Manufacturers call for drastic EU reform: report

Posted on 7 Apr 2014 by Callum Bentley

Britain’s manufacturers have set out a radical plan to reform the EU and help it focus on lifting the Eurozone out of the economic doldrums.

The proposals from EEF, the manufacturers’ organisation are contained in ‘Europe – A Manifesto for Growth’. They come just six weeks before the European elections in May and follow a business campaign to keep Britain at the heart of the EU.

Proposals include a call for a reduction in the number of European Commissioners and the creation of a powerful new Brussels-based red tape taskforce which would have a similar function to the Better Regulation Executive established in the UK.

EEF, which represents manufacturers from multinational companies to small and medium sized firms, wants the EU to reduce the number of 28 commissioners and re-focus their departments.

The industry group argues there is considerable scope for ‘clustering’ of EU directorates general where It believes there are too many of them, leading to a proliferation of policy development, often with significant conflict and development in silos.

EEF is suggesting where there is policy overlap a board of commissioners could oversee the work of directorates bringing together, for example, the Directorates General of Climate Action and Energy. EEF believes this would deliver much greater integration of policy as well as reduced costs and greater accountability.

In its EU manifesto, designed to promote growth and boost industry, EEF calls on Britain to take a leading role in Europe and focus more on the lucrative multi-billion pound trade deals and extending the highly valuable single market. According to its latest survey 85% of manufacturers would vote to remain in the EU.

The manifesto recommends the EU red tape taskforce should:

• Introduce a rigorous competitiveness test for all new legislation to make sure new regulations that harm business competitiveness are re-thought or dropped.
• Agree a one in one out principle for proposed EU laws.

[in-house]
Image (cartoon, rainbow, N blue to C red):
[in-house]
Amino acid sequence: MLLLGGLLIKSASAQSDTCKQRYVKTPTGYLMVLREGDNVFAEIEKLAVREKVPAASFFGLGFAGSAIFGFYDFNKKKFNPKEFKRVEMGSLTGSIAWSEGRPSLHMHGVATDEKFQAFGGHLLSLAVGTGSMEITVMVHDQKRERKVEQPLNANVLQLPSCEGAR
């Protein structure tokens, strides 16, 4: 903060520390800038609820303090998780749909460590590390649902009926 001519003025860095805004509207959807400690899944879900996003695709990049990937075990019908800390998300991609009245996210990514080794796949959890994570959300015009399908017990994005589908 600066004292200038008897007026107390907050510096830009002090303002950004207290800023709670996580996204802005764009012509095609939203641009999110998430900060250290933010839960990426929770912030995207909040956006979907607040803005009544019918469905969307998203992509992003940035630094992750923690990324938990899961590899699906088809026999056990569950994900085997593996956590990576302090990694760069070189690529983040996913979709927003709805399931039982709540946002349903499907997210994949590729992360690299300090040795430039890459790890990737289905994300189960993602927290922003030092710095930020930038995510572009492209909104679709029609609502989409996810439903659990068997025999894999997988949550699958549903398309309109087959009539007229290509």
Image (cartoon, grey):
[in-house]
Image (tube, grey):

• Produce an annual statement of the cost of any new EU proposals to business, with the new Parliament encouraged to scrutinise and throw out unnecessary red tape.
• Exempt start-up businesses from new legislation and propose a lighter-touch regimen of red tape for all small and medium sized enterprises.
• Creation of a single Impact Assessment Board to scrutinise all EU Impact Assessments. Proposals which do not receive a positive view from the Board should not proceed until amended.

Terry Scuoler, Chief Executive of EEF, said: “These elections come at a critical time for the EU. We need all UK parties to come forward with a positive message both about our role in Europe and, how they will seek to evolve its priorities and institutions. This will ensure it is fit for the future, more accountable and focused on growth, all of which are critical for business and for voters.

“A major start would be a cull in the number of directorates, which all have a mandate to propose legislation and, 28 Commissioners who wish to use their term in office to deliver specific policies. This has created a policy and political machine, which churns out new initiatives, directives and regulations which are often developed in isolation, without regard for their impact on competition and growth.

“The Council should look to cut the number of commissioners and control their departments in a more co-ordinated and effective way. This would not only make them more accountable and growth focused but would provide EU taxpayers with better value for money.”

Mr Scuoler added: “We strongly support Britain’s continued membership of the EU. The Commission and the other EU institutions must now work tirelessly to support business and industry and, promote economic growth. The proliferation of commissioners and departments is hampering that effort and with a newly elected parliament and commission we have an ideal opportunity to call a halt to this damaging trend.”